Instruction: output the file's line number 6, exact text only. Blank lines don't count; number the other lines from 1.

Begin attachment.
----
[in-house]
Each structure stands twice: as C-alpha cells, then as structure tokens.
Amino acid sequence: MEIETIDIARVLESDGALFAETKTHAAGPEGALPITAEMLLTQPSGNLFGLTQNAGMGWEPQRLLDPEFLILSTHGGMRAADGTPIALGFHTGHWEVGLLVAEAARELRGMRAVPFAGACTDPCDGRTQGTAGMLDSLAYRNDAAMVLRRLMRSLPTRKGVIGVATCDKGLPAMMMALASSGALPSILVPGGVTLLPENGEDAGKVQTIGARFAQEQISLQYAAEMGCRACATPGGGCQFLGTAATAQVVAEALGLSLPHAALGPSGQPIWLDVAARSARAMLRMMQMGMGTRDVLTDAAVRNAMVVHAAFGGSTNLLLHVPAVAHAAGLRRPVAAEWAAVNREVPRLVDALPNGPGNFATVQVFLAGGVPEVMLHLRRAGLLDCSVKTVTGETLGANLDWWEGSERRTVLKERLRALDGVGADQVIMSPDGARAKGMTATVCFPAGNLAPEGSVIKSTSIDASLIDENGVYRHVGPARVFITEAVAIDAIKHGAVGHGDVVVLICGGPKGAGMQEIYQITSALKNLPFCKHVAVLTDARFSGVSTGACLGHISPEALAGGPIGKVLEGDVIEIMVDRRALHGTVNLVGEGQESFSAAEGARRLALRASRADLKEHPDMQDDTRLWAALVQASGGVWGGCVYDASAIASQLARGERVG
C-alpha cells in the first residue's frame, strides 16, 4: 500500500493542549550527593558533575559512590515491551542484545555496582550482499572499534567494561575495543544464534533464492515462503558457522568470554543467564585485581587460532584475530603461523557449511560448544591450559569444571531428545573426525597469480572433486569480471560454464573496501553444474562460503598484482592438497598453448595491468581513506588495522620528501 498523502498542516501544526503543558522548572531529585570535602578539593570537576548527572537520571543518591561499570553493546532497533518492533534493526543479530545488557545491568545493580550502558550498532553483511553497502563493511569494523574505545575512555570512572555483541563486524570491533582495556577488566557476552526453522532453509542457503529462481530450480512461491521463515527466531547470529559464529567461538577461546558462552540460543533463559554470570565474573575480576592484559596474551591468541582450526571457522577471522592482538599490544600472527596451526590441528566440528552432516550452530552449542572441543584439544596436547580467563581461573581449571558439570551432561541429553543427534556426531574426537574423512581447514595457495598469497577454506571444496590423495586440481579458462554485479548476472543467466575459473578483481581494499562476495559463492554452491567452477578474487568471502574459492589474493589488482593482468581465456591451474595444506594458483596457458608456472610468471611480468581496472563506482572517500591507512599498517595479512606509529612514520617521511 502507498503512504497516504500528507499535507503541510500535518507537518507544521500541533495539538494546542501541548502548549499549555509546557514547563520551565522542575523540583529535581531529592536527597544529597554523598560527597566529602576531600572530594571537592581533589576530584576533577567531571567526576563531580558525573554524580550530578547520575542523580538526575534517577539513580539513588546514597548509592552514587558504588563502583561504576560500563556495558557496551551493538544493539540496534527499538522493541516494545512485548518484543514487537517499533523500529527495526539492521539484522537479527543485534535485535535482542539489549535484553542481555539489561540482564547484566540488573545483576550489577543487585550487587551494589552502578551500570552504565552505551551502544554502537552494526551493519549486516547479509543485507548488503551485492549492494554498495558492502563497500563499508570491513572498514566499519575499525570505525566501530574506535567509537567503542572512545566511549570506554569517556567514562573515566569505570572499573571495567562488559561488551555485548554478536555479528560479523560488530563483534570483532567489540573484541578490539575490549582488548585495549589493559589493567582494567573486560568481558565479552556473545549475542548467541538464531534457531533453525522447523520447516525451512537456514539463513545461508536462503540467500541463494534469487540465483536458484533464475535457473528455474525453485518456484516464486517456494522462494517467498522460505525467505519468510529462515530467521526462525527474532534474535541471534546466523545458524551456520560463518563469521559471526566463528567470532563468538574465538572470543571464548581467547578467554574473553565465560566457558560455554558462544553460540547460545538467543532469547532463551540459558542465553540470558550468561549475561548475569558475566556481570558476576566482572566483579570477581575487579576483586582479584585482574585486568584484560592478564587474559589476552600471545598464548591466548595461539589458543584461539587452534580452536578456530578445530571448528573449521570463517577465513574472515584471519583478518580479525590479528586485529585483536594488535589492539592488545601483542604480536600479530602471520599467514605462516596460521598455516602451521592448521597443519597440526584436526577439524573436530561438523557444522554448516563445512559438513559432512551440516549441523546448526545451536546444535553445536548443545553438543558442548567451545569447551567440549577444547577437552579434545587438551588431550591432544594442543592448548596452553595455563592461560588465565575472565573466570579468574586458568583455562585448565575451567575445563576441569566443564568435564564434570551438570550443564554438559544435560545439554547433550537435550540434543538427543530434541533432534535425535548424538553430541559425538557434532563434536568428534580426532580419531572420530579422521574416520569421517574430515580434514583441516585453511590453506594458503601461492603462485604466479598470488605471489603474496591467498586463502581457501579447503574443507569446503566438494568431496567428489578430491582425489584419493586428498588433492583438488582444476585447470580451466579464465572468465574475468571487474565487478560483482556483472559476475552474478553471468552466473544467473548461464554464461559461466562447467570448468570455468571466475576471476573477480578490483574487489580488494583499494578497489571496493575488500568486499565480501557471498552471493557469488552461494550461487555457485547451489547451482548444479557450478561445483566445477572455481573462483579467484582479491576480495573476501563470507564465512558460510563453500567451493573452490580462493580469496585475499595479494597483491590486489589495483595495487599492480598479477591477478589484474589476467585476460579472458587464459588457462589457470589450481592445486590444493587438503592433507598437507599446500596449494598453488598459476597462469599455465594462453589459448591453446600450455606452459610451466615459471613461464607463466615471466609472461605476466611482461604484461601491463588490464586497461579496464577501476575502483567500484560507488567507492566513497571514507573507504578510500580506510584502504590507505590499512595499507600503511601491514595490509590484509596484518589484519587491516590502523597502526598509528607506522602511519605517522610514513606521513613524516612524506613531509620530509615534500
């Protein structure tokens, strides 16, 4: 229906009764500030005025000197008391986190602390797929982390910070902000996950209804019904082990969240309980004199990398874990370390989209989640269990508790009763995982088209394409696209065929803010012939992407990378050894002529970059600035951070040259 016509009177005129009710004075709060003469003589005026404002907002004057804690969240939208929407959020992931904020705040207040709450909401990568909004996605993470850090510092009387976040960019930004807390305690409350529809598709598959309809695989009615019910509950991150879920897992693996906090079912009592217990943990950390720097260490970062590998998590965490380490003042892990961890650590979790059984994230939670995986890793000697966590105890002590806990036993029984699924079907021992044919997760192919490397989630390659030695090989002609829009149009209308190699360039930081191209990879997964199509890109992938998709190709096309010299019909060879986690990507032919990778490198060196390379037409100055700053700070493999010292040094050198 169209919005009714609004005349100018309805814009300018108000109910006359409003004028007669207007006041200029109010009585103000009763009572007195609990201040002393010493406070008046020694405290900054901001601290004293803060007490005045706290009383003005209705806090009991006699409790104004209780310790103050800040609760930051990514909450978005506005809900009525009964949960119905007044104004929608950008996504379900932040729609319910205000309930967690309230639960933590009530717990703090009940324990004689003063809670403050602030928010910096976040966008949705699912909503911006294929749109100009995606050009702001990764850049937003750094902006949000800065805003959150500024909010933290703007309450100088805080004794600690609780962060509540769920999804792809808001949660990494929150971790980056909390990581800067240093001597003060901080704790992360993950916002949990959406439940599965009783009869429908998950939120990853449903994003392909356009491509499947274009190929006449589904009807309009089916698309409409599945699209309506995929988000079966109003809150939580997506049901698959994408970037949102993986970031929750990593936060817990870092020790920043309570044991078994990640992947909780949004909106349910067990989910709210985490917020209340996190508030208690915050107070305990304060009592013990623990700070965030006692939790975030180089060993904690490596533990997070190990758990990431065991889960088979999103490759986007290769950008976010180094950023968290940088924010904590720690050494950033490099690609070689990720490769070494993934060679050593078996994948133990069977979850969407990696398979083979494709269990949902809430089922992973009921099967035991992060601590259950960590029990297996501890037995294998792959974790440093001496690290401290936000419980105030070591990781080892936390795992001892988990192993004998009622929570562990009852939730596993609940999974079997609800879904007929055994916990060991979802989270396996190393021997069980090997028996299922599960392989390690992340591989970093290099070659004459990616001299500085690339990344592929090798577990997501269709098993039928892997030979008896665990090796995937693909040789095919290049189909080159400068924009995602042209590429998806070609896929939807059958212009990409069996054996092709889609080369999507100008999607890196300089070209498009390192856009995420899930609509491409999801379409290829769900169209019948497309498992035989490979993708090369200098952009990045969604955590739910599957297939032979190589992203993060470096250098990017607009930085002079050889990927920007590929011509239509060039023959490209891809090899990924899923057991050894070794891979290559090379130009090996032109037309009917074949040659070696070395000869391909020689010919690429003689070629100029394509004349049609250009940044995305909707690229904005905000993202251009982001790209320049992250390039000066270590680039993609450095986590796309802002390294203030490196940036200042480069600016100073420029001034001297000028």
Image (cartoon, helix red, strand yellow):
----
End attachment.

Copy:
Image (cartoon, helix red, strand yellow):